Goldsmith: Baseball embodies America

I consider myself to be, above all else, a sports fan in the most general sense. Give me a rainy Tuesday afternoon and several bags of Sun Chips and I’ll even get into the WNBA. OK, well, maybe it doesn’t go quite that far, but I represent a broad class of non-discriminating sports-fans, the type who will watch whatever is on ESPN, except of course for poker. (But even then, the allure of sitting underwear-clad amid a sea of “Garden Salsa” crumbs can make even Lon McEachern and Norman Chad’s mind-numbing excuse for sports commentary tolerable.) From the most esoteric — early stages of the Giro d’Italia (cycling) or the Big East Diving Championships — to the Superbowl and the NBA Finals, I can proudly say that I love watching all sports.

Nothing however, can compare to America’s pastime. With Monday’s official opening of Target Field in Minneapolis, home of the Minnesota Twins, we are reminded of the many reasons why baseball is objectively the best, and will maintain its cultural grip on our great nation forever.

A brief scouring of Wikipedia for some of the history of the game highlights its intrinsic transcendence — baseball came informally to the U.S. during immigration in the 18th century, developing and spreading informally up until the foundation of the National Association of Base Ball Players in 1860. Despite the political and cultural schisms of the Civil War and Reconstruction era, teams spread across the nation from San Francisco to Louisiana to New York City.

Today, baseball still proves its ability to transcend the socio-political paradigm.

The New York Yankees organization built a $1.5 billion stadium that opened in 2009 amid a recession. Even more glaringly ironic, the Mets started the 2009 season in the $900 million Citi Field, named after Citigroup, one of the team’s primary investors. Was New York mocking us? The toxic leverage that led to the banking crisis had been initiated in New York City, the financial capital of the nation, and now here stood an unprecedented monument to the then-struggling Yankees, as well as a baseball field named after a bank which accepted $45 billion of government bailout funding.

As an American, and a baseball fan, I felt betrayed.

Then, the Yankees won the 2009 World Series. Credit had stabilized, and we had been officially deemed out of recession. New York was back.

This of course ignores the lingering effects of the recession that still plagued middle America, as jobless rates remained elevated. The financial well-being of certain sports franchises similarly remained in doubt — the NFL’s Jacksonville Jaguars for example are a particularly struggling franchise, and their future is still uncertain. So while some teams built and spent, others cut costs. It’s almost as if the inequities of our modern society were reflected in the sports world.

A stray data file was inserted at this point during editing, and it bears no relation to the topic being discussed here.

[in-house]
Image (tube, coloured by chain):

But then, Target Field opened Monday. The Minnesota Twins are not a perennial World Series hopeful, but at the same time, they have had relative success in their division over the last decade. Furthermore, their man behind the plate, catcher Joe Mauer took home the American League’s MVP award for the regular season. Now, equipped with a brand new, outdoor facility, the franchise’s optimistic future can no longer be ignored.

Nor should it. Target Field serves as a testament to our nation’s faith in middle America. The opening of such a facility insists upon the resiliency of non-major markets like Minnesota, but more profoundly this temple for baseball proves that greatness is not restricted to those with Steinbrenner-esque balance sheets. While Target field may seat 15,000 less than Yankee Stadium, and fans will likely have to brave snow more than once to make it to games in early April, the stadium is an affirmation that baseball is not exclusive.

Despite the devastation that performance-enhancing drugs have wrought on the legacy of modern baseball, it is still America’s pastime. It’s an excuse to sit in a chair and watch a slow but dramatic contest unfold over beer and hotdogs on a sunny summer afternoon. It’s a forum for individual and team glory to inspire us to achieve, and to uplift us in times of national and communal grief, such as the Yankee’s American League title and World Series performance in 2001, following the 9/11 terrorist attacks).

Most of all, baseball is an excuse to be excited again. If I were lucky enough to be at home in Harrisburg, Penn., right now, I would have the chance to see the game’s number one pitching prospect, Steven Strasbourg, pitch for the local minor league team the Harrisburg Senators in a newly expanded and renovated Metro Bank Park. While these little changes from season to season can be minor, nothing excites me more after the dreariness of winter.

Baseball is an embodiment of our national spirit, and it is with tremendous optimism that I look forward at the start of the 2010 season.

Sam Goldsmith is a junior in Branford College.

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